The controversial doctrine of "adverse possession" strikes again!
A remnant of the feudal era, this questionably relevant area of law continues to permit a party to assert an ownership claim to property not purchased or otherwise paid for. [To view our prior blog posts on this topic, please click on the following links: Young Israel Loses Adverse-Possession Claim , Adverse Possession: "License to Steal" , and You Can't Title to This! ]
Just days ago, on November 9, 2006, a Sullivan County landowner lost a part of his property to an adjoining "seasonal canoe rental and camping business." Apparently, over the course of a decade, the neighboring enterprise actively utilized the disputed piece of land and acted more like an owner than did the actual fee- or title-holder. According to the Appellate Division, Third Department, in Robinson v. Robinson, plaintiffs Julius Robinson (and others), exercised a level of dominion and control which justified the Sullivan County Supreme Court's decision to award plaintiffs the property. As the appellate court observed:
During the approximately five-month season each year, plaintiffs placed moveable signage on the property, mowed the grass, cleared debris, and planted grass if it was washed out by spring flooding, transported boats to the property, kept incidents of the business on the site throughout the season, and blocked the use of the property by trespassers. Buses dropped off customers during the season, at the peak of which up to 50 rafts, canoes and boats disembarked or landed on the property. In addition, plaintiffs installed a road and made rock fire-ring supports at two permanent campsites, which, along with several other sites on an adjacent lot, were used and maintained on the property throughout the summer. Given the nature of the property, we agree with plaintiffs that this use was open, notorious and hostile and, therefore, sufficient to convey notice of their adverse claim to the record owner of the property during the disputed time period....Interestingly, the seasonal nature of the business; the actual landowner's occasional use of the adverse-possessor's facilities; the events which occurred after the ten-year vesting period; the failure to pay taxes on the piece of land in question; and, the possessor's knowledge or belief as to who the "rightful owner" of the property might have been, did nothing to negate the claim or mandate the award's reversal.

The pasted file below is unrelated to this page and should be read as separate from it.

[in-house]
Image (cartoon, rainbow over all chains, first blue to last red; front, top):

In an e-mail we received on the same day the Appellate Division's decision was released, Denise Przybylo, one of the defendants in the Walling v. Przybylo case, [ Adverse Possession: "License to Steal" ], sent us the following comment in response to Robinson's outcome:
This decision renews my quest to do away with this arcane law. I will continue to contact all members of the press and meet with those political leaders who will lend an ear.Onward, Ms. Przybylo! (Don't forget to bring a paddle!)
For a copy of the Appellate Division's decision in Robinson v. Robinson, please click on the following link: